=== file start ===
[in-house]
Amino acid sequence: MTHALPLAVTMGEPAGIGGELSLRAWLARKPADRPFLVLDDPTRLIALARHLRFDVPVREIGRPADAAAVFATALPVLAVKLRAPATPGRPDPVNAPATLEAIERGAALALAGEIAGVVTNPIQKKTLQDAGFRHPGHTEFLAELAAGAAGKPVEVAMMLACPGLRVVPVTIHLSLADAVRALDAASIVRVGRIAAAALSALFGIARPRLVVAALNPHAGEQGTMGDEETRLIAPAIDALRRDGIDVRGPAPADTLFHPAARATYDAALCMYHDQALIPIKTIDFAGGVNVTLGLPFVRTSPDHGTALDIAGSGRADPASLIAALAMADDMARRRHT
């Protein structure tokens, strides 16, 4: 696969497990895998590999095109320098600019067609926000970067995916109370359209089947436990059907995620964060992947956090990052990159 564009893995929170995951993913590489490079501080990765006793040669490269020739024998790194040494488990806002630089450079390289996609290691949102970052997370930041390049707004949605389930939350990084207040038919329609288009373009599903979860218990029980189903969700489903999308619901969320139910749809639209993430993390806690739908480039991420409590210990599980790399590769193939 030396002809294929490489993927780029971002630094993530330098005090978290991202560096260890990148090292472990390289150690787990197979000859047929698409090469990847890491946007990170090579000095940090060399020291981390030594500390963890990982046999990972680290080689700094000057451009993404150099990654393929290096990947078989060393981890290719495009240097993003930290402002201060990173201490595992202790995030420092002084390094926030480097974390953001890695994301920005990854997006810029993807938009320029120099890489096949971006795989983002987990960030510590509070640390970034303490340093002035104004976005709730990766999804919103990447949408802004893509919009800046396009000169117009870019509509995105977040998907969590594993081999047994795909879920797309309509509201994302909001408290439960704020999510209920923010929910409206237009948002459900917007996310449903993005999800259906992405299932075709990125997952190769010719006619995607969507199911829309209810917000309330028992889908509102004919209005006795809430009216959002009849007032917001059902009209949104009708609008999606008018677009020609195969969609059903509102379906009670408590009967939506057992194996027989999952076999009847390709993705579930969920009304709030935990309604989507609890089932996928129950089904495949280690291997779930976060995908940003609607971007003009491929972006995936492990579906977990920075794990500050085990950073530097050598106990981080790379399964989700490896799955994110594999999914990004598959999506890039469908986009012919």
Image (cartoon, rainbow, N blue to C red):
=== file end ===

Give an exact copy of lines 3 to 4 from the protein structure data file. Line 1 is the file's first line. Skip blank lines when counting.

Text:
């Protein structure tokens, strides 16, 4: 696969497990895998590999095109320098600019067609926000970067995916109370359209089947436990059907995620964060992947956090990052990159 564009893995929170995951993913590489490079501080990765006793040669490269020739024998790194040494488990806002630089450079390289996609290691949102970052997370930041390049707004949605389930939350990084207040038919329609288009373009599903979860218990029980189903969700489903999308619901969320139910749809639209993430993390806690739908480039991420409590210990599980790399590769193939 030396002809294929490489993927780029971002630094993530330098005090978290991202560096260890990148090292472990390289150690787990197979000859047929698409090469990847890491946007990170090579000095940090060399020291981390030594500390963890990982046999990972680290080689700094000057451009993404150099990654393929290096990947078989060393981890290719495009240097993003930290402002201060990173201490595992202790995030420092002084390094926030480097974390953001890695994301920005990854997006810029993807938009320029120099890489096949971006795989983002987990960030510590509070640390970034303490340093002035104004976005709730990766999804919103990447949408802004893509919009800046396009000169117009870019509509995105977040998907969590594993081999047994795909879920797309309509509201994302909001408290439960704020999510209920923010929910409206237009948002459900917007996310449903993005999800259906992405299932075709990125997952190769010719006619995607969507199911829309209810917000309330028992889908509102004919209005006795809430009216959002009849007032917001059902009209949104009708609008999606008018677009020609195969969609059903509102379906009670408590009967939506057992194996027989999952076999009847390709993705579930969920009304709030935990309604989507609890089932996928129950089904495949280690291997779930976060995908940003609607971007003009491929972006995936492990579906977990920075794990500050085990950073530097050598106990981080790379399964989700490896799955994110594999999914990004598959999506890039469908986009012919």
Image (cartoon, rainbow, N blue to C red):